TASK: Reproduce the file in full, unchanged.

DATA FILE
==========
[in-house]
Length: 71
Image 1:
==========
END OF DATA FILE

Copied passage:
[in-house]
Length: 71
Image 1: